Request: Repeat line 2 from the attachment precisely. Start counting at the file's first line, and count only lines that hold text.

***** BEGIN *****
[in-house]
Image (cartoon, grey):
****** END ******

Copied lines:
Image (cartoon, grey):